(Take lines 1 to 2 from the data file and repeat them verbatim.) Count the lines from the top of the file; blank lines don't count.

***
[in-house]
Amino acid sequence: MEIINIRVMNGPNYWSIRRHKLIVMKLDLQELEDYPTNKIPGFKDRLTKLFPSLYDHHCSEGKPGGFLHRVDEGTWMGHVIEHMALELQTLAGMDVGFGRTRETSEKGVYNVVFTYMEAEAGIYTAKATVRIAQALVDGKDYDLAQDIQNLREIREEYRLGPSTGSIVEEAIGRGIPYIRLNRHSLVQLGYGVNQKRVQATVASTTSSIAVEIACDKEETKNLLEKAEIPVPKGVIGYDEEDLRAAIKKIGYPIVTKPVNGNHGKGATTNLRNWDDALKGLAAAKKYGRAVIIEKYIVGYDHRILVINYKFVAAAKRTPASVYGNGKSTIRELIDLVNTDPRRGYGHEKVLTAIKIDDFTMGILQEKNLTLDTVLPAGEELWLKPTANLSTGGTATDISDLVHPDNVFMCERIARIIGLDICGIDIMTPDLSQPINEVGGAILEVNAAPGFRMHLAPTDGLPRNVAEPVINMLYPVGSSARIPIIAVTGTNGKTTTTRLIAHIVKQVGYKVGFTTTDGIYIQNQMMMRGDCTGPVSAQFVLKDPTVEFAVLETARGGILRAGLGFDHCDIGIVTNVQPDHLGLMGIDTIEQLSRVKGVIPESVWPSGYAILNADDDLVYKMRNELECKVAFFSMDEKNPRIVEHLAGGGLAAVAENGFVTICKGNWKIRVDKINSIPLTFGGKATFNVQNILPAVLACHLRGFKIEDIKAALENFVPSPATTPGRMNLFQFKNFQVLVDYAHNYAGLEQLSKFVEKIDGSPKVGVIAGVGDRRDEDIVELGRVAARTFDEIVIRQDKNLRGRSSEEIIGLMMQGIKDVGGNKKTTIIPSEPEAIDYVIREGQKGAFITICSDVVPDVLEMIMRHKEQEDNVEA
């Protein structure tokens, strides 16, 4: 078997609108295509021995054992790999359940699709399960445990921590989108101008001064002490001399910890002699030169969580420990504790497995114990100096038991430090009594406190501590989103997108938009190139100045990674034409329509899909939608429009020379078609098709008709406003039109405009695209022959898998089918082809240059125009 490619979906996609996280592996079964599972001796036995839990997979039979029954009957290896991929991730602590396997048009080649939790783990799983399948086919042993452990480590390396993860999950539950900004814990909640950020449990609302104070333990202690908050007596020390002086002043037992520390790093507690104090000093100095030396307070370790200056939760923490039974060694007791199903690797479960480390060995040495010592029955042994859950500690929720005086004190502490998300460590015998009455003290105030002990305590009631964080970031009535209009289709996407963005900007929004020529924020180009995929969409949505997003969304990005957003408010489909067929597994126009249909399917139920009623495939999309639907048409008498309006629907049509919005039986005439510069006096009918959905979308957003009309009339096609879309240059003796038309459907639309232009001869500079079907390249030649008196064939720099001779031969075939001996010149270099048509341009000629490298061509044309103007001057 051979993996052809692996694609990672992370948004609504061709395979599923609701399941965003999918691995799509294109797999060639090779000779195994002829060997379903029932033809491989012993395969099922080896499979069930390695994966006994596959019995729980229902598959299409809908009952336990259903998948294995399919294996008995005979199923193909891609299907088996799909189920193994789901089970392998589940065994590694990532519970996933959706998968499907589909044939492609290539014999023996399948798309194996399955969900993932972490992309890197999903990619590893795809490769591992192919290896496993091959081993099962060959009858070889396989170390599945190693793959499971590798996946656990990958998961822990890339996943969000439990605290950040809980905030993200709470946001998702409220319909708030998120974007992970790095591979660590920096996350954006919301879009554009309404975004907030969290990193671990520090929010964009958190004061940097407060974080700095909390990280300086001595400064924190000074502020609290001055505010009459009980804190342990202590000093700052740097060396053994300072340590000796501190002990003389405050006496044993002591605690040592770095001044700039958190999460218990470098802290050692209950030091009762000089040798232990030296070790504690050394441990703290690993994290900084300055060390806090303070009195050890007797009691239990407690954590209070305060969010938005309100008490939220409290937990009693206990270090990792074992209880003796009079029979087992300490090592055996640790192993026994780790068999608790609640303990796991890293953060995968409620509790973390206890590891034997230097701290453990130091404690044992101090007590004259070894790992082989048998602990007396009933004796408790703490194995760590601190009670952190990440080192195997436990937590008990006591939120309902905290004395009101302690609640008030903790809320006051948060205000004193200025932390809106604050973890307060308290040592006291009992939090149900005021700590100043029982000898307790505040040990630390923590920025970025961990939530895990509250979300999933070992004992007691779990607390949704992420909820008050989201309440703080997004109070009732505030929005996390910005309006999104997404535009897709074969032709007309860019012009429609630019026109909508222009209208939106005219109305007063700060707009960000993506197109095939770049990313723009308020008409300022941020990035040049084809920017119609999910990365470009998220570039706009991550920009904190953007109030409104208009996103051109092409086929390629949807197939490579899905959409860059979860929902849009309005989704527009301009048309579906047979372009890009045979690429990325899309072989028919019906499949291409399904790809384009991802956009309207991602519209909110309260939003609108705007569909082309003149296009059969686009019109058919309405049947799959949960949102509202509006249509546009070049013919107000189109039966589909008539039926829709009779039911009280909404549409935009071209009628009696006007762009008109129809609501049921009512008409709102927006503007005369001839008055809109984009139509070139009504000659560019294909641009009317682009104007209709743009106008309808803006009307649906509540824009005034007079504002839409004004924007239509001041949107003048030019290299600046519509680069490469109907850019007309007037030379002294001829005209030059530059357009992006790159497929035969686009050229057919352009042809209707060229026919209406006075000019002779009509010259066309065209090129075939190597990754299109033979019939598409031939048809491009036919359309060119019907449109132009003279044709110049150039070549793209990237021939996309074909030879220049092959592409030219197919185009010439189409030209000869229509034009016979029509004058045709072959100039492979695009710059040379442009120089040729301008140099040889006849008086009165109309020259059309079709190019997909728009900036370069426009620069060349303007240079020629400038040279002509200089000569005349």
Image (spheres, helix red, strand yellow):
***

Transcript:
[in-house]
Amino acid sequence: MEIINIRVMNGPNYWSIRRHKLIVMKLDLQELEDYPTNKIPGFKDRLTKLFPSLYDHHCSEGKPGGFLHRVDEGTWMGHVIEHMALELQTLAGMDVGFGRTRETSEKGVYNVVFTYMEAEAGIYTAKATVRIAQALVDGKDYDLAQDIQNLREIREEYRLGPSTGSIVEEAIGRGIPYIRLNRHSLVQLGYGVNQKRVQATVASTTSSIAVEIACDKEETKNLLEKAEIPVPKGVIGYDEEDLRAAIKKIGYPIVTKPVNGNHGKGATTNLRNWDDALKGLAAAKKYGRAVIIEKYIVGYDHRILVINYKFVAAAKRTPASVYGNGKSTIRELIDLVNTDPRRGYGHEKVLTAIKIDDFTMGILQEKNLTLDTVLPAGEELWLKPTANLSTGGTATDISDLVHPDNVFMCERIARIIGLDICGIDIMTPDLSQPINEVGGAILEVNAAPGFRMHLAPTDGLPRNVAEPVINMLYPVGSSARIPIIAVTGTNGKTTTTRLIAHIVKQVGYKVGFTTTDGIYIQNQMMMRGDCTGPVSAQFVLKDPTVEFAVLETARGGILRAGLGFDHCDIGIVTNVQPDHLGLMGIDTIEQLSRVKGVIPESVWPSGYAILNADDDLVYKMRNELECKVAFFSMDEKNPRIVEHLAGGGLAAVAENGFVTICKGNWKIRVDKINSIPLTFGGKATFNVQNILPAVLACHLRGFKIEDIKAALENFVPSPATTPGRMNLFQFKNFQVLVDYAHNYAGLEQLSKFVEKIDGSPKVGVIAGVGDRRDEDIVELGRVAARTFDEIVIRQDKNLRGRSSEEIIGLMMQGIKDVGGNKKTTIIPSEPEAIDYVIREGQKGAFITICSDVVPDVLEMIMRHKEQEDNVEA